Friday, April 2, 2010
the university tour
The flowers were starting to bloom under the trees on campus. The University of Michigan, Ann Arbor's music department was alive and humming, singing, ringing, and a playing when we took the tour during our stay. We got an overview of their department from a cozy conference room overlooking the pond that is supposedly in the shape of a grand piano. I could only sort of make it out. They offer performance, pedagogy and education degrees in music, at bachelor, master, and doctoral levels.
The words that struck my daughter however, were the many students who do music in conjunction with engineering or other math related fields. This has been her dilemma, I think. She is strong in both areas, yet I have spoken often of the difficult reality making a real living in the music world. It is not easy, but it is wonderful. I believe she had started to shut the door on a career in music.
My words to all my students have been to choose something else unless you just can't see yourself in any other profession. There are so many opportunities to have an avocation in your instrument: civic orchestras, community musicals, church choirs. There are many ways to continue to use and share your gifts. My daughter has heard this speech countless times, and has a good idea watching my life of a musician's unique challenges.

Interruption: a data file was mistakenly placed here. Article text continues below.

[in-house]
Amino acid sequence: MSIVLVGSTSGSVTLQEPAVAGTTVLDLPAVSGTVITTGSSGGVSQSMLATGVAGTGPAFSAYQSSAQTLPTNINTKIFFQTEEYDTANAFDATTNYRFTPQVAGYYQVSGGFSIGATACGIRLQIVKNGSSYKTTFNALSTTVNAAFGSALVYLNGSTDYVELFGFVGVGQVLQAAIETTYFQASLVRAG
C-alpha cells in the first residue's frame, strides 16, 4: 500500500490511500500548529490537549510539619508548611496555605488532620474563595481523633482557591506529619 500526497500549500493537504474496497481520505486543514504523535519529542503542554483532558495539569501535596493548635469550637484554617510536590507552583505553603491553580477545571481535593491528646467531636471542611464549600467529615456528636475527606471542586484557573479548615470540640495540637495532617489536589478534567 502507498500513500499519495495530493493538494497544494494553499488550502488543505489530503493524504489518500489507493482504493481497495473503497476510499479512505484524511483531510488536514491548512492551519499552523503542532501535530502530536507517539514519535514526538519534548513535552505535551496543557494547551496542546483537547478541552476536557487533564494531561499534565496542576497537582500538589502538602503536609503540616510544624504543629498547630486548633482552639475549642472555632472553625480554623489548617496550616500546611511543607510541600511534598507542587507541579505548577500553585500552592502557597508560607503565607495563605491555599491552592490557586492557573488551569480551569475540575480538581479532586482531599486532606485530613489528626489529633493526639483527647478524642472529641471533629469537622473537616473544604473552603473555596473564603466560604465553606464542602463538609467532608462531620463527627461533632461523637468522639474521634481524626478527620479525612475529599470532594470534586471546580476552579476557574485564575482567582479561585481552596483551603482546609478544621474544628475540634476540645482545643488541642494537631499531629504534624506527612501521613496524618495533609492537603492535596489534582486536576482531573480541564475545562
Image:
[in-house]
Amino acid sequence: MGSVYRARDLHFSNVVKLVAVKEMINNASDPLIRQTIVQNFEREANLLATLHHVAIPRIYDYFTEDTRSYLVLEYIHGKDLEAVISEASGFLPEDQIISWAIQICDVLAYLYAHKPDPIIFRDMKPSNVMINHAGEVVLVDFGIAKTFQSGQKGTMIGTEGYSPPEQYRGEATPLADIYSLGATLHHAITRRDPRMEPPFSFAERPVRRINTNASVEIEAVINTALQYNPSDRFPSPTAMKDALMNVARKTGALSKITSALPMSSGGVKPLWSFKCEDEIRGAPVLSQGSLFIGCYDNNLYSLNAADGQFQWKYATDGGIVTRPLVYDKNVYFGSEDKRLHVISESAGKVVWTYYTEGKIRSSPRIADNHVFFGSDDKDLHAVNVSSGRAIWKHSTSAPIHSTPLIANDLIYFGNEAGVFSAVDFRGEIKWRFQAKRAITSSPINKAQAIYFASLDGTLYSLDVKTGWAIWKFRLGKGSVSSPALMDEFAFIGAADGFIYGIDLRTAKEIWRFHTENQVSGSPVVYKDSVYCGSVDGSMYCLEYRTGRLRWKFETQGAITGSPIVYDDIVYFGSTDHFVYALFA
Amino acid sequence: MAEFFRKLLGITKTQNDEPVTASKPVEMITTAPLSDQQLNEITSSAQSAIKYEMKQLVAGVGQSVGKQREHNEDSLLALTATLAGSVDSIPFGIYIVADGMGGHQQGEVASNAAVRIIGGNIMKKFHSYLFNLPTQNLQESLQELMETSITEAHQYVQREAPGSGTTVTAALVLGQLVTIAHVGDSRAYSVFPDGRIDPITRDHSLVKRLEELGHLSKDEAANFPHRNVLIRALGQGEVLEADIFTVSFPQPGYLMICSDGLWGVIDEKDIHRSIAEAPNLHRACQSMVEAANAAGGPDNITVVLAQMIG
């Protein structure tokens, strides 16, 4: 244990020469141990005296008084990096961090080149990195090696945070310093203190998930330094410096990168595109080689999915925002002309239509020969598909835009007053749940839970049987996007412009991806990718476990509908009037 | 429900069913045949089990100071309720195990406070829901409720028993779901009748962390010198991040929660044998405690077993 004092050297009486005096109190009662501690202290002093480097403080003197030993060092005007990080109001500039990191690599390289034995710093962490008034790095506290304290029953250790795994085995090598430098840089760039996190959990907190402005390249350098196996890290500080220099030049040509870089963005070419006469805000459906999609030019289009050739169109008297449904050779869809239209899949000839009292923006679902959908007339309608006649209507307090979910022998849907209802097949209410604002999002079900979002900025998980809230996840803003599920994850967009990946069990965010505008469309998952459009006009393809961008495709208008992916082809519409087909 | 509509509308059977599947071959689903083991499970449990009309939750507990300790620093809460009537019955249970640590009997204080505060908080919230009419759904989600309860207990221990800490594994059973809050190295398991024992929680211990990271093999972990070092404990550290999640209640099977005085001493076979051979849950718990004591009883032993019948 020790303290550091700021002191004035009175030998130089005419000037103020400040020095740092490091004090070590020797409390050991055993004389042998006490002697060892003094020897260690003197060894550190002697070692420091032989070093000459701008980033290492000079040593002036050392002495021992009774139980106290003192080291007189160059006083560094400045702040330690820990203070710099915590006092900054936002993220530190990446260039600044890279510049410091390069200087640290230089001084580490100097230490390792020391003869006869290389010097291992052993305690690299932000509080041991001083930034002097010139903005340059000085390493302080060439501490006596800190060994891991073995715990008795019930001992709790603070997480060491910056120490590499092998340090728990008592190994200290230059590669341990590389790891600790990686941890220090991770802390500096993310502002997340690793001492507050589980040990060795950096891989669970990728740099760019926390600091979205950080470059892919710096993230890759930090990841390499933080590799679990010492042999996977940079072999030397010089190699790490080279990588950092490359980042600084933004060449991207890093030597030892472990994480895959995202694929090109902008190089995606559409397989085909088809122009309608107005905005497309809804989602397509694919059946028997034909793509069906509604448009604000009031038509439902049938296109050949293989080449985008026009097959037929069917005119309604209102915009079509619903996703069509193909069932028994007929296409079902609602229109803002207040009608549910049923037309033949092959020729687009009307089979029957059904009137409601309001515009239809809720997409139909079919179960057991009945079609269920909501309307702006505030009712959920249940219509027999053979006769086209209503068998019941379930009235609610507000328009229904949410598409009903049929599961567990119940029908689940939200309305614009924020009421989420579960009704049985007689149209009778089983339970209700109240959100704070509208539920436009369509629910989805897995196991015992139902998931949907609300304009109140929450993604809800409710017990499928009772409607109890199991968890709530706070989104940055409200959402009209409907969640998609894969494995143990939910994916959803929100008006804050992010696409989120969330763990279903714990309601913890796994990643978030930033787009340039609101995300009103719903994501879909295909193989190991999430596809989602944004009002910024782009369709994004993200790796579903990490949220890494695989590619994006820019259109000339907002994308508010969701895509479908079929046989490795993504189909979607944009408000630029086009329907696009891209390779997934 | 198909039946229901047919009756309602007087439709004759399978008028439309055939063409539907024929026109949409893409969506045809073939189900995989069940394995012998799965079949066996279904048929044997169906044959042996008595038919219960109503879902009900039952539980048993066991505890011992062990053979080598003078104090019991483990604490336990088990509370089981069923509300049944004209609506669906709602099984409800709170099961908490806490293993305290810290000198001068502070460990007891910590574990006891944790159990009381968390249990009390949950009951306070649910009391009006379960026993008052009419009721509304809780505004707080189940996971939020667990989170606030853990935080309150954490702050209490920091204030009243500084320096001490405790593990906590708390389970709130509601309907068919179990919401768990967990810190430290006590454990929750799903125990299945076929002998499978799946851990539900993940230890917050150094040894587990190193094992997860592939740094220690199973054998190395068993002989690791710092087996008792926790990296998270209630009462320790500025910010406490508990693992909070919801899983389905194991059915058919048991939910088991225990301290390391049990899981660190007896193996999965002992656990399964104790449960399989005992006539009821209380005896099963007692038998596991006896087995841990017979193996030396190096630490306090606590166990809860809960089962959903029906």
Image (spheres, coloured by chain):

What Ann Arbor's music tour did was stir up some thoughts of reopening the door to a double major or including music in her life while on campus-Hallelujah!
While we were on the walking tour, Ann Arbor unexpectedly opened my son's eyes too. At the age of 14, he was not looking at the college other than to be dragged along with his sister, or so he thought. But since then, he has spoken highly of the university's green efforts. He remarks about the buses, the Zip car system, and especially how many hydrogen cars he saw in use there.
I was impressed by the conscience efforts to minimize waste, and their advanced computer lab in the music library, hooked up with keyboards and composition tools.
I guess we just never know what experiences stick with kids, do we?